The Sylva Herald, By Beth Lawrence

Vecinos, a nonprofit dedicated to meeting healthcare and other needs of Western North Carolina’s farmworkers, has had to change the way it delivers its services amid the COVID-19 pandemic.

The biggest impact to Vecinos has been the change in how it provides medical services, said Marianne Martinez, the group’s executive director. The organization previously hosted a free health clinic on the campus of Western Carolina University. When the campus closed the clinic was forced to close.

“I guess our last clinic was at the end of March, so we started right away offering telehealth,” Martinez said. “Since then about 99 percent of what we’ve done as far as medical stuff has been telehealth. We transitioned really quickly and have tried to keep that up to keep the contacts low in our population since it’s such a vulnerable population.”

Telemedicine itself presented a unique set of challenges. Clients sometimes do not have internet or smart phones to video chat, and cellular and internet service can be spotty, rendering video calls nearly impossible. After recent changes in formerly strict telehealth policies, visits are now allowed to take place by phone call.

However, some clients must be seen in person. When that happened early on, visits took place at Vecinos medical director’s office. A tent was set up outside, and providers wore full personal protective equipment.

The organization recently began offering clinic visits again albeit in an adapted fashion. Staff set up an outdoor health center under tents in Jackson County Department of Public Health’s parking lot after hours to see patients.

“We just had our first in-person clinic a week and a half ago,” Martinez said. “It’s just like an outreach clinic. It’s not very different than what we do for our migrant workers.”

Early on, Vecinos outreach team picked up, to some extent, where the clinic left off when it closed. They began visiting each migrant camp in the area.

“(They) gave health education and handed out hand sanitizer, facemasks and did check-ins,” Martinez said.

Martinez and her outreach coordinator spoke to farmers in the region to assess plans to protect their employees and themselves, gauge their needs and offer assistance.

An outbreak among migrant workers in Macon County in July allowed the organization to fine tune its response to the disease in a congregate living area.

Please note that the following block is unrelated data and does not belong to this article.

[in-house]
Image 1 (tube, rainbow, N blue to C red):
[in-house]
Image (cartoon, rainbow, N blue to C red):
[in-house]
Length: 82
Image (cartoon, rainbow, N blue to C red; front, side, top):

“We worked really close with the grower to get everybody tested,” she said. “When you’re quarantined you can’t go to the grocery store or go out and do your own thing, so our team mobilized to get them groceries and get them all kinds of stuff. We did daily check-in calls either with outreach workers or the medical providers to make sure (exposed workers) were healthy and not having symptoms.”

Migrant workers are often deeply affected by reduced hours, unemployment or wages lost due to sickness. Vecinos raised funds to help with rent, utilities and food.

“A lot of these folks are in the frontline jobs where if you don’t work you don’t get paid, or it’s high exposure, hard to wear masks or they don’t have the resources available to them,” she said.

The group raised nearly $40,000 to meet the immediate needs of approximately 75 families.

The nonprofit also created a COVID Community Health Worker team to coordinate with community partners.

“They have three charges,” Martinez said. “The first charge is resource distribution. They’re doing these mask and hand sanitizer distribution events at different places. The second charge is to work with businesses and individuals to give out health education, going around to different businesses helping them make sure they have masks helping them make sure they have the right signage, going to different communities or worksites talking to different people.”

The team reaches out to businesses with a large Hispanic workforce.

The third goal is increasing the availability of tests for the Hispanic community. 

Like most everywhere else, that is a work in progress, Martinez said.